Swamp Angel is Heavenly
Swamp Angel by Anne Isaacs
Who says we can't create new folk heroes of the American frontier? Why should or forbears have all the fun of telling tall tales of American heroes?
Anne Isaacs gives us a new heroine from frontier days in Swamp Angel, a fun, original folk tale that introduces us to Angelica Longrider. Isaacs right away sets the tone, giving us a date out of history and beginning the exaggerations:
.there was nothing about the baby to suggest she would become the greatest woodswoman in Tennessee. The newborn was scarcely taller than her mother and couldn't climb a tree without help.
And so the story begins in the tall-tale tradition. So true to form does the book stay that it had me convinced that Swamp Angel was pulled from traditional folklore, not made up out of whole cloth. There is an authenticity to it even while it broadcasts that not a word of it is true.
While Isaacs gives us Swamp Angel's origins, she focuses the story on Angelica's encounter with Thunderin' Tarnation, a fearsome bear that is eating all the Tennessee settlers out of their homes, leaving nothing in their winter stores. The settlers create a reward and competition to kill the bear. The person who gets its pelt would earn the title, "Champion Wildcat."
Now it's well known, and a fact, too, that Tennessee daredevils are as plentiful as dewdrops on corn.
Now the men hoot and taunt Swamp Angel when she shows up for the competition, but she handles them with ease, grace, and humor. And they get much gentler treatment at her hands than they do from Thunderin' Tarnation.
This children's picture book is filled with wild, improbably events and actions ranging from wielding tornadoes like lassoes to drinking a lake dry to snoring down a forest. It's a fun romp, one that appeals equally to both children and adults.
Author Anne Isaacs was born in New York and attended school at the University of Michigan. She said she was a constant reader, her life changing forever in the fourth grade when she first read Coleridge and Shakespeare. At her Web site, she said she has done literature backward, reading adult literature as a child and discovering children's literature as an adult while reading to her children.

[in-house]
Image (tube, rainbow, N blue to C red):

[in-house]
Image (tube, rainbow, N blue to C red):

Complementing the conversational, lyrical tale, are beautiful pictures by artist Paul O. Zelinsky. The pictures are filled with wit and whimsy and shows us additional heroic deeds credited to Swamp Angel that the text doesn't have time to expand on. The pictures are done in an American primitive style with oils. Each one has a frame or matting of cherry, maple, and birch veneers. The stylized backgrounds bring us even closer to this Tennessee woodswoman. So successful are the paintings that they won Zelinsky a Caldecott Honor in 1995.
In addition to the Caldecott award, Swamp Angel has won Boston Globe-Horn Honor Book, ALA Notable Book, New York Times Best Illustrated Books of 1994, and Time Magazine's 8 Best Children's Books. It was also featured on Storytime, PBS.
Officially, the book is targeted at ages 4 to 8. As an adult who loves picture books, I always resist such strict age guidelines. Certainly my son, who is smack in the middle of that age range, fell in love with the book, demanding that I read it over and over again. Eventually, he was even able to read much of it himself-though he needed explanations on what "tarnation" and "root cellar" was, among other terms. He adored the exaggerations, though during the first reading he kept raising his eyebrows and asking, "Mom, do two-year-olds really build long cabins?"
While we read the book as a library book that now must trek back to the shelves, I'm fairly certain that a new copy of this book will soon be making a permanent appearance on my son's bookshelf. It's much too fun to pass up.